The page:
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Meningitis B Vaccine Bexsero Submitted for FDA Review

Vaccine was used for meningitis outbreaks at U.S. universities

A biologic license application has been submitted to the FDA for marketing approval for the use of Bexsero (multicomponent meningococcal group B vaccine [recombinant, adsorbed]) to help protect against invasive meningococcal disease caused by serogroup B (meningitis B) in adolescents and young adults aged 10 through 25 years. The submission follows the receipt of a “breakthrough therapy” designation in April.

According to the product’s developer (Novartis), Bexsero is the first broad-coverage vaccine to help protect against meningitis B. The vaccine consists of four key antigen components: fHbp, NadA, NHBA, and OMV Por A.

Bexsero is already approved in 34 countries, including across the European Union, Canada, and Australia. Since its launch in 2013, more than half a million doses have been distributed worldwide.

In the U.S., nearly 30,000 doses of Bexsero were provided to students and staff at Princeton University and the University of California, Santa Barbara, under an “investigational new drug” designation from the FDA following meningitis B outbreaks on those campuses. Further, the Centers for Disease Control and Prevention (CDC) have recommended including the incoming freshman class at Princeton University in the at-risk group to receive Bexsero.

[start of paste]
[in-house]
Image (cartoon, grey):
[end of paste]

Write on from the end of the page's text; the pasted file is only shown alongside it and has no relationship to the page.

Although rare, meningococcal disease can have serious consequences, including lifelong disability and death within the first 24 hours of symptom onset. The infection is most commonly caused by one of the five main serogroups of meningococcal bacteria (A, B, C, W-135, and Y).

Before the development of Bexsero, vaccines were available only for four of the five serogroups of the meningococcus. A vaccine to protect against serogroup B was the remaining piece needed to provide populations with broad-spectrum protection against these serogroups that together cause most of the meningococcal disease in the world.

The tolerability profile and immunogenicity of Bexsero were established in phase II/III clinical trials involving approximately 8,000 infants, children, adolescents, and adults. No clinically relevant immunologic interference was observed when Bexsero was given concomitantly with other routine infant vaccines. As measured in European countries, Bexsero provides coverage against 70% to 90% of meningitis B strains.

Adverse events seen after vaccination with Bexsero were comparable with those observed after vaccination with other routine vaccines when given alone. Fever — a common event following routine childhood immunizations — occurred more frequently in infants who received Bexsero concomitantly with routine infant vaccines. The fever can be mitigated through prophylactic use of antipyretics.

Sources: Novartis; June 17, 2014; and Bexsero; November 16, 2012.

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